Columbia NICU nurse adopts ill baby from her hospital
COLUMBIA - After raising two adult children, Kim McDaniel was not expecting to be the mother of a baby again.
“I have two older children that are both out of the home,” McDaniel said. “So, I was enjoying being an empty nester.”
Her life changed in a matter of months. McDaniel is a nurse at the MU Women’s and Children’s Hospital in Columbia. She had just started working at the neonatal intensive care unit (NICU) when a little girl named Brooklyn was born.
Brooklyn, McDaniel said, was born with severe medical problems. She had a massive tumor in her mouth that grew from the base of her tongue. The tumor was so big it filled her entire mouth, protruded out of her mouth and grew into her throat. This made it nearly impossible for Brooklyn to speak or eat.
McDaniel said Brooklyn had to have a tracheostomy allowing her to breathe through a tube in her throat. She also had a feeding tube inserted.
McDaniel was Brooklyn’s nurse throughout her time at the hospital.
She said things took a dark turn when Brooklyn’s birth parents abandoned her at the hospital.
“I just felt so bad for her,” McDaniel said. “It just broke my heart every time she would go for surgery. When they would bring her back, there was no one for the doctors to talk to. There was no one waiting for her.”
McDaniel said she and the other nurses were compelled to be Brooklyn’s family. She said they took turns holding her and caring for her beyond what their job required of them.
“We knew she was alone but we never wanted her to feel like she was,” said McDaniel.
McDaniel said hoped the situation would change for Brooklyn and that her parents would return. But it never changed and they never returned.
“I just spent a lot of time praying for her,” she said. Her prayers was for God to send Brooklyn a family to love her.” But McDaniel said she became convinced that she was the family Brooklyn needed.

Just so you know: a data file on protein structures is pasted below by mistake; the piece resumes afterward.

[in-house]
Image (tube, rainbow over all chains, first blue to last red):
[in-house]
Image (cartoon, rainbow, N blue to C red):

“I just felt like God was just saying ‘You’re asking me to do something that I’ve equipped you to do,’" she said.
She began the process of fostering Brooklyn. She said she knew she had made the right decision when it took only three days to successfully complete the process, which is typically long and tedious.
“The red tapes were just falling every step of the way,” said McDaniel.
But she did have concerns. McDaniel says she is a single woman, so the thought of raising a child with severe medical complications seemed especially difficult. But fears aside, she decided to permanently and legally make Brooklyn part of her family.
In April 2018, on her own birthday, McDaniel adopted the baby that had once been her patient.
McDaniel’s now-middle daughter, Sydney Summers, said Brooklyn has changed their lives.
“Everything revolves around Brooklyn,” she said gleefully as she cradled Brooklyn in her arms. “And it’s in the best way. We just love her so much.”
Since Brooklyn requires such extensive care and support, nurses at the hospital had created a private Facebook page where McDaniel could ask for help and they could all support her and Brooklyn. They originally called it B’s World. Now, the group has grown to a public Facebook page with more than 400 people. McDaniel frequently posts updates in the group for people who are now following Brooklyn’s journey.
Since the adoption, the McDaniels have faced great difficulties. At almost two years old, Brooklyn has had 11 surgeries in the past year. Her mom said the surgeries are mainly to reduce the tumor in Brooklyn’s throat and mouth without damaging her tongue. Doctors have found the tumor is now growing at a rate much quicker than the surgeries can keep up with.
“We can’t have her go through a surgery every three months,” McDaniel said. “Every surgery is now more difficult for her than the last.”
McDaniel said removing the tumor completely would mean Brooklyn would lose her tongue. She has been working with doctors at Cinncinati Children’s Hospital to devise a plan that would allow Brooklyn to keep her tongue.
As she weighs the options, another thing weighs heavily on McDaniel’s heart.
“I just think back to when she was in the NICU and she was alone. And the thought of leaving her alone again in the hospital, because financially I have to work, is tough,” McDaniel said.
In addition to supporting McDaniel, Brooklyn’s Village has created a GoFundMe page to raise funds for the cost of Brooklyn’s treatment. The group also sells t-shirts with the slogan “It takes a village.” It's a constant reminder for McDaniel and Brooklyn that they always have support.